During those formative years, Nimai began cultivating a reputation of living on the edge that would later on inform Prince Rama’s ethos. She was arrested for stealing and ditching school. She drank. She smoked. And she and Taraka launched a band that gained traction in the local scene for its visceral energy and bombastic live show. After Taraka left for college, things got even more intense, she adds.
“For that year, I was alone in the house with my parents, so I decided to do what Nimai wanted to do, and I wanted to be hot and drink and sneak out and go to clubs with the cool kids,” she says. “I drove drunk all the time and fell asleep at the wheel. I got in so much trouble, and my parents were so sad at this life I was choosing. I didn’t get good scores on the SAT, but even then, I moved out because I thought, ‘If I don’t have Mom and Dad breathing down my neck, I can do whatever I want.’”
Reconnecting with Taraka, the two put together Prince Rama, a band that didn’t just turn heads: It grabbed potential fans by the chin and demanded they look into the eyes of artistic madness, and once they did, it was impossible to turn away. After three independent releases, the band was “discovered” in a Texas bar by Avery Tare of the band Animal Collective, who brokered a deal with Paw Tracks, Animal Collective’s own imprint. The first official Prince Rama release for the label was “Shadow Temple,” which sounds like the music Michael Gira’s Swans might have made had that band collaborated with Neko Case at a Lakota Sun Dance.
“The band doesn't use a ton of instruments (tribal drumming, chugging synths, and crunching guitars are the main components) but its tracks are sonically dense and propulsive,” wrote Joe Colly in a review for the cachet publication Pitchfork. “The album has a nice element of surprise. ‘Om Namo Shivaya’ is sort of fluid and droning, but once you give into its haze, a buzzing electric guitar line pops out of nowhere to jerk you back into reality. The band also does well with mood: Even though most of the lyrics aren't discernable, you still get a clear sense of foreboding from these songs.”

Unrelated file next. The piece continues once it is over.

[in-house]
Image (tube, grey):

In the indie music scene, Prince Rama seemed primed for an explosive career … but Nimai found herself still trying to find her place in it all, she says.
Nimai Larson: The end is the beginning
“I was drinking, drinking, drinking; clubbing, clubbing, clubbing, and hating myself but thinking everyone was doing it,” she says. “In the band, there was a lot of power struggles and that need to be accepted. Taraka was the leader of the band, and I was just her sister. That was how I saw it, and I think I always tried to overcompensate for the fact I was Taraka’s little sister: ‘But I’m the little sister whose down to party! I’m the little sister who’s down to drink! I’m sluttier than my sister!’ I was down for whatever, because whatever would separate me from her.
“I just wanted to separate from her in any way possible, so I became the party sister and put that out there, and I tried to live up to that expectation I perceived everyone had of me, this thing I had built for myself. And on tour, it started getting embarrassing. I would, in a blackout, be inappropriate with other bands, with the promoter, or I would embarrass our band.”